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Tuesday, June 30, 2020

Irish 9th Regiment of Massachusetts Presented Flag to Governor Andrew in June 1861



An estimated 150,000 Irish fought on the Union side in the American Civil War, including two Irish regiments from Massachusetts: the Ninth Regiment of Infantry, Massachusetts Volunteers and the 28th Irish Massachusetts Regiment.

The 9th Regiment's flag was first publicly displayed on June 25, 1861 when Colonel Thomas Cass made a formal visit to Governor Andrew to receive the state flag.  The Ninth Regiment sported an Irish flag made of green silk, with a scroll inscribed in gold that read: "Thy sons by adoption; they firm supporters and defenders from duty, affection and choice."

On June 30, 1861, the 9th arrived in Washington D.C., where they were welcomed by President Abraham Lincoln.

The Ninth Regiment saw extensive battlefield action in Virginia and Pennsylvania.  When Colonel Cass was mortally wounded at the Battle of Malvern Hill in Virginia in 1862, he was replaced by Colonel Patrick R.Guiney of Tipperary, who continued to distinguish the Regiment for its ability and courage.  Guiney himself was wounded in battle but survived.

During the Spanish-American War of 1898 the Ninth Regiment also saw action in Cuba.  The flag for that campaign was presented to the Regiment by the Ancient Order of Hibernians (AOH) of Suffolk County.  It carried that flag during the decisive Battle of San Juan Hill and the siege of Santiago, which the American forces won.  The Ninth Regiment sustained many casualties, not on the battlefield but from malaria and other tropical diseases contracted in the jungle.  Among the members of the 9th regiment were James Brendan Connolly, Olympic medalist and writer (see page__) and Lawrence Logan of Ballygar, Galway, and his son Edward J. Logan (see page)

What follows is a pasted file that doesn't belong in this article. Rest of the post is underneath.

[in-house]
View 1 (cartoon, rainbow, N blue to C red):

The 28th Massachusetts Regiment, also composed of Irish troops, was officially mustered into service on New Years Eve, 1861, and carried four Irish flags during its service.  When the Regiment joined forces with the Irish Brigade in December 1862, Brigader General Thomas Meagher presented the regiment with an Irish flag similar to the New York Irish regiments he was commanding. Known as the Faugh au Ballaghs (Irish for 'Clear the Way'), the 28th had several slogans on its flags, including 'They shall never retreat from the charge of lances" and a second, placed in a scroll in an American eagle's mouth that read "Fostered under they wing we will die in they defense."



Today facsimiles of the flags are on display at Memorial Hall, the main rotunda of the State House, part of a 350 flag collection dating from the Revolutionary War to the present.  The actual flags are in an environmentally controlled storage space in the State House, and can be viewed by special appointment.

FInd more information about Boston's history by visiting IrishHeritageTrail.com.


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